I have run across a situation that has challenged my previous understanding of how this is supposed to work. I have two cases. I had an understanding of how this worked based on the first case, then the second case has come along and challenged that understanding. I’m seeking clarification.
The first case was something like this… The authoritative name servers for a domain became inaccessible due to an erroneous firewall configuration in an ISP network. I did an NS type query for the domain, assuming that if the delegation records on the com servers were correct, I would get that information as an answer. I did not get an answer, and believed that this indicated a problem with delegation to the authoritative name servers. Not so. The delegation was fine, but I did not receive an answer for the query because the answer needed to come from one of the name servers for that child domain I was querying for. In other words, even though I (or, the client I was using) could see the delegation information from the com servers, this information was not, and should not have been, used to actually answer the query. I read some RFCs as well which helped lead me to this understanding. (I think 2181 and 4697, but maybe others/newer ones as well)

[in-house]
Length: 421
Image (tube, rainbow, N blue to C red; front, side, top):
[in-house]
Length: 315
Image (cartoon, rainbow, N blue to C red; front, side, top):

Now comes case 2. In this case, someone misconfigured DNS so that delegation goes to one set of name servers (say, ns1,2,3.delegated.com), but then they set NS records on those servers to some other set of servers (say, ns1,2,3.authoritative.com).
Now, if I configure a DNS server with no forwarders, and do an NS query for this domain, it will work its way down the hierarchy and finally query ns[x].authoritative.com and return ns1,2,3.authoritative.com for the answer to the NS query. That is consistent with my previous understanding.
If I configure this same DNS server to use certain caching servers, then (most of the time) instead of getting the answer ns1,2,3.authoritative.com for the NS query, I get ns1,2,3.delegated.com from the caching server, which seems to me to suggest that the caching server is returning delegation records as answers to the NS query.
I understand this is purely an academic question, since this is all due to a misconfiguration, but I would like to know whether this caching server is doing something it should not by returning these delegation records (which never originated from any authoritative server for the domain) as answers to the NS query? I am just assuming that if the delegation records shouldn’t be used to answer a query, they also shouldn’t be cached and then later used to answer a query… but I guess I could be wrong in that assumption.
TLDR: A caching DNS server should NOT cache delegation information from com servers and use it to answer NS queries for a child of com, right?
Hopefully I am understanding this correctly. I did a brief search of this subreddit but didn’t find a similar question and answer.
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